Comments about ‘Catholics told not to give LDS parish data’

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Published: Sunday, May 4 2008 12:00 a.m. MDT

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Limbo Rock

Once more... | 9:17 a.m. May 5, 2008
"One more try...there is NO religous issue at stake here."

Of course not, for you. But there is for Jews, members of the Armenian Church, Russian Orthodox, the Evangelisch Church in Germany, and Catholics, all of whom have expressed outrage at the Mormon practice of posthumous baptism.


Limbo Rock is correct. And yes, even peaceful Christians can express hostility and outrage when dealing with those who express those same emotions toward us, as well as dishonor our Christian faith (much in the same way we have been outraged at radical Muslum extremists in recent years). It may not be right, be we are human and we do ask the Lord to forgive, and put our trust in Him.


The problem with the Catholic reaction is that it's effectively declaring a major tenet of Mormonism to be inherently offensive. That makes it difficult for Mormons and Catholics to simply agree in good will to disagree: The Vatican is not just saying that this sincerely-held Mormon belief is erroneous, but that it's *bad*.

That way lies holy war. The West has managed to rise above religious strife largely by separating religious differences from moral comparisons: We've moved away from declaring people who hold different religious opinions to be *evil* (although many Mormons seem not to have gotten the memo when it comes to dealing with former members!); rather, religious differences are chalked up to our knowing the things of God only in part during our mortal lives, and though we don't whitewash our honest differences, we don't get too exercised about them, either.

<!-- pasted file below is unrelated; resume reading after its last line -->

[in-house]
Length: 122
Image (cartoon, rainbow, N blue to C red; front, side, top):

The Vatican is reversing this positive trend by this policy. A friendly approach to LDS posthumous baptism would be to make clear that the RCC disagrees, but Mormons are free to act as their consciences dictate.

I have always greatly admired the Catholic Church, but it deeply disappoints me with this unfriendly act.

Truth & Patience:Continued

So if it is right, under God, to love your enemy and to do no harm to others, the definition of harm comes in to play.

Is it harmful to use a name for ordinances which I believe will save someone if they accept it and if they do not it has no effect? Where 'they have to accept it for the work to be valid' self proves that it does no harm to any individual whether alive or not. The choice is still with the party in question(the dead) and THEIRS to make. No other person has a right to decide this for them. We are giving others a chance to accept the LDS faith. By not giving them that chance(or specifically taking it away) the Catholic church is only denying the dead THEIR RIGHT to choose what they will.

Who would disagree with this fair LDS doctrine? (Legal argument reworded for religious freedom argument)

"we do not believe that ... has a right to interfere in prescribing rules of worship to bind the consciences of men, nor dictate forms for public or private devotion ... never control conscience ... but never suppress the freedom of the soul." -D&C:134


1. Proxy baptism does not baptise into the LDS Church, it provides a sacrament that is only provided by the LDS Church through priesthood authority. It has nothing to do with any other baptism the individual may have had. It also does NOT make the individual a member of the church.
2. Every individual has been saved by the atoning sacrifice of Jesus Christ. LDS Baptism does not provide salvation, it allows progression in the next life.